Picture of Bacterial Conjunctivitis (Pink Eye)
Pink eye, or conjunctivitis, is redness and inflammation of the membranes (conjuctiva) covering the whites of the eyes and the membranes on the inner part of the eyelids. The term pink-eye is most commonly used to refer to the infectious (viral or bacterial) type of conjunctivitis, but it may also result from allergic reactions or chemical irritants such as air pollution, smoke, or noxious fumes. The infectious form is very common in children and is highly contagious. Children and adults who develop infectious pink eye should see a doctor to determine whether antibiotic treatment is necessary. Most infectious cases are caused by viruses and will not respond to antibiotics. In these instances, the discharge from the eye is clear and watery and symptoms of a cold may be present. Viral infections last from seven to 10 days. Bacterial pink eye generally results in a large amount of discharge that is green to yellow in color. This discharge can accumulate at night and make opening the eye difficult in the morning. Bacterial pink eye usually lasts three to five days and requires antibiotic eye drops to help the body remove the bacterial infection. Application of warm washcloths to the eye area is also effective in removing discharge. To reduce the chance of spreading infectious pink eye, those affected should avoid touching the eye area and wash their hands frequently, particularly before applying medications to the eye area. Sharing of towels, washcloths, cosmetics, or eye drops can also spread the infection.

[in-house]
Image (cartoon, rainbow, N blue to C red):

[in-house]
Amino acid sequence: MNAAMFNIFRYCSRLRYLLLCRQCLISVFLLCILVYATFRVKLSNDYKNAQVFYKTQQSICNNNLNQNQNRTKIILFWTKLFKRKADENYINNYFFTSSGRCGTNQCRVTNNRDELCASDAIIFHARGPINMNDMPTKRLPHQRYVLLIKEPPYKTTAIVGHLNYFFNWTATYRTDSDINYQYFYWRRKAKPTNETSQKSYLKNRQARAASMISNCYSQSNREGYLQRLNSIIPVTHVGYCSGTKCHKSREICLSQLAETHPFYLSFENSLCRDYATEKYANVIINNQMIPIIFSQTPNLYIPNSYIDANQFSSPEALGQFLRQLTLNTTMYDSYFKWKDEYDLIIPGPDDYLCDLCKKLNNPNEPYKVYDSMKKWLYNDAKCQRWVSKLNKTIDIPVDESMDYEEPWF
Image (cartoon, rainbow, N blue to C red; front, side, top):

Reviewed by Andrew A. Dahl, MD, FACS on September 17, 2009
Image Source: Photo courtesy of Tanalai at en.wikipedia
Text: MedicineNet - Retinal Detachment